Sovereignty and the promotion of peace in non-international armed conflict.

Author:Spain, Anna

As the title of this panel, Humanizing Conflict, suggests, there is an emerging normative discourse in international law that emphasizes the protection of individuals and the humanization of law. (1) One driver of this development is the changing nature of war, as non-international armed conflicts have replaced international wars as the main form of armed conflict in today's world. (2) This, as the tragic examples of the Arab Spring have shown, presents new challenges for international law. (3) Scholars have treated these challenges through the lens of various substructures of international law, such as human rights and international humanitarian law.

In my remarks, which are based on a forthcoming article, I argue that these challenges are symptomatic of a deeper and more fundamental problem. This can be understood as a norm conflict between two of international law's first principles: peace and sovereignty. (4) I describe the origins of both as first principles of international law, including their important interconnectivity during the creation of the Peace of Westphalia. (5) In modern international law, the UN's purpose is to "maintain global peace and security ... and to that end: to take effective collective measures for the prevention and removal of threats to the peace ..." (6) At the same time, the doctrine of sovereignty provides states the right to territorial integrity and prohibits external intervention into a state's internal affairs. (7) The problem international law now faces is conceiving how to uphold both of these norms in the event of non-international armed conflict.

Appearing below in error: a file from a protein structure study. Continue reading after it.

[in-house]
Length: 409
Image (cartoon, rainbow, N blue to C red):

This problem unfolds in decisions about the legality of intervention into sovereign nations during times of armed conflict. (8) The norm of non-intervention exists to deter states from using force as a means for settling their disputes, and to prevent interstate war. (9) Such sovereign rights can be limited, for example, when the United Nations Security Council (UNSC) authorizes intervention to restore peace. (10) But the context of non-international armed conflict complicates the rules and UNSC practice with regard to intervention is inconsistent at best. As NATO's intervention into Kosovo illustrates, an illegal intervention can be deemed legitimate. The recent events in Libya and Syria illustrate further challenges about the relationship between promoting the integrity of statehood and taking action to restore peace. On the one hand, the right to...

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